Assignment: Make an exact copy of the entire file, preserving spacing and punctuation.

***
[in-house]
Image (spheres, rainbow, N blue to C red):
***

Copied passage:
[in-house]
Image (spheres, rainbow, N blue to C red):